a definite case in point is the fact that i recently re-listened to some of the albums of 'sounds of blackness' produced by terry lewis & jimmy jam and was really impressed.
i remember thinking that with the correct marketing strategy this music could be more commercialy succesful. in fact the whole gospel genre is a neglected one, and one that should be looked at more closely.
If you think about SITSOM,one of the most powerful and emotionaly intense moments I have ever heard was when the gospel choir joined in the chorus after the key change. THIS is where soul music originated from. Perhaps we ought to ask ourselves not 'who has got the new motown sound', but think about going back to the very basics from where it came from.

Top of pageBottom of page   By Ralph ( on Friday, March 07, 2003 - 09:44 am:

CM Wolff,
Thanks for coming out of the shadows and joining us.You are most welcome here.

Top of pageBottom of page   By R&B ( on Friday, March 07, 2003 - 10:04 am:


Top of pageBottom of page   By CM Wolff ( on Friday, March 07, 2003 - 06:57 pm:

Ralph - thanks for the welcome and kind words.

Top of pageBottom of page   By Carl Dixon London ( on Friday, March 07, 2003 - 07:01 pm:

R&B - I agree up to a point, but, right now in the UK I am watching a programme on TV which is showing a series of soul programmes, tonight being about the skinhead era, here in the UK, which started in the late 60's. They are talking about the fashions and playing the music and talking about the culture that developed over here and the influences from the reggae music. Prior to the programme commencing, there was a Kentucky Fried Chicken commercial of all things, which shows a dark record shop playing Northern Soul records and playing a track I do not know, with young people eating the chicken, whilst grooving to the 60's soul sounds in the shop. I believe with conviction, this style of music will rise again and like I said earlier, the vehicle that introduces the sounds to the youth culture of the day, will be different than what is was 30 or 40 years ago. It will be a similar wine in a similar bottle, but I am sure marketed in a completely different way, it will be around for a long time. Who ever picked the track on the chicken commercial is probably someone saying a very big statement in their life. I guess he or she is in their 30's or 40's and are using this commercial to do more than sell chicken. If I was in that position, what would I be playing? There will be around 3 million people maybe watching this commercial and, no doubt it will appear on a compilation somewhere in the future. The exposure will influence somebody somewhere. The commercial was 30" long and instantly grabbed my attenion because it was so different to all the other ones that are currently airing.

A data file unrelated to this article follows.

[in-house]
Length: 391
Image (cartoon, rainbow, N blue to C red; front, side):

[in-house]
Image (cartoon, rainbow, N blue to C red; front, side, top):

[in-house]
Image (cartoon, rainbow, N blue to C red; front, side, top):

Carl Dixon, holding the torch and still flying the flag! ( I did once recommend 'Wade in the Water' for a TV programme that we aired on our station years ago!)The programme has just mentioned Motown and Northern Soul - I rest my case!
UK posters - watch out for the commercial! I need to know what the track is called - it was great!

Top of pageBottom of page   By Carl Dixon London ( on Sunday, March 09, 2003 - 04:41 pm:

Does anybody know the song these lyrics come from?

"Just like Pagliacci the clown,
don't you know sometimes I'm up, sometimes down"

This is the song that is on the KFC commercial! I have the clock details off the ad and will contact the agent in London tomorrow and congratulate him/her on their great choice of music, plus find out what else he has on his agenda.

Top of pageBottom of page   By MEL&THEN SOME ( on Sunday, March 09, 2003 - 05:04 pm:

Bob and Earls classic
I Cant Get Away.
also another more uptempo version done by Bobby Garrett on Mirwood.
Both old dancers on the scene.
over to Ritchie methinks.

Top of pageBottom of page   By Carl Dixon London ( on Sunday, March 09, 2003 - 05:49 pm:

Thanks Mel - I think it is the Bobby Garrett version. Fantastic! I am currently playing it into our vt area to everybody. If anybody want to hear it go to:

Another one I will be buying! Where did Mirwood hang out?

Top of pageBottom of page   By Ritchie ( on Sunday, March 09, 2003 - 06:00 pm:

Hi guys - just stepped in at the right time :o)

Mirwood was a Los Angeles label, whose story I'm curretly trying to piece together! Suffice it to say, "Bobby Garrett" was in reality Bob Relf, of Bob & Earl fame.

Top of pageBottom of page   By Carl Dixon London ( on Sunday, March 09, 2003 - 06:16 pm:

Well Ritchie - best of luck with the story. I have just been reading some of your web site. Thank you. I must admit this music never ceases to amaze me. I am priviliged at work to have access to this commercial and half our vtr area was stood listening to this song and trying to work out the lyrics for me. It is a great commercial and the other in the series appears to have 'Do I love you/Frank Wilson' on, but I have not seen it yet!